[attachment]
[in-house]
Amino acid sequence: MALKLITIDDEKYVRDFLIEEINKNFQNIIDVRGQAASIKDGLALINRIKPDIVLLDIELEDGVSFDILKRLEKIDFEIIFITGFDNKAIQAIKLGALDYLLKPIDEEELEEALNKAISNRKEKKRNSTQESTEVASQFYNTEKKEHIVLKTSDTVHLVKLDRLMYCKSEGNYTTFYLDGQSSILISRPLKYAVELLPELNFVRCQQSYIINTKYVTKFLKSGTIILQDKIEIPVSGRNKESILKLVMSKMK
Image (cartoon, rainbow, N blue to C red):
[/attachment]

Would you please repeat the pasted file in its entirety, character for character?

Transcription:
[in-house]
Amino acid sequence: MALKLITIDDEKYVRDFLIEEINKNFQNIIDVRGQAASIKDGLALINRIKPDIVLLDIELEDGVSFDILKRLEKIDFEIIFITGFDNKAIQAIKLGALDYLLKPIDEEELEEALNKAISNRKEKKRNSTQESTEVASQFYNTEKKEHIVLKTSDTVHLVKLDRLMYCKSEGNYTTFYLDGQSSILISRPLKYAVELLPELNFVRCQQSYIINTKYVTKFLKSGTIILQDKIEIPVSGRNKESILKLVMSKMK
Image (cartoon, rainbow, N blue to C red):